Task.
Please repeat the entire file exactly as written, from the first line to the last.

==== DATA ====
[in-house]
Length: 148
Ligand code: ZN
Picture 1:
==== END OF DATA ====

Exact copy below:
[in-house]
Length: 148
Ligand code: ZN
Picture 1: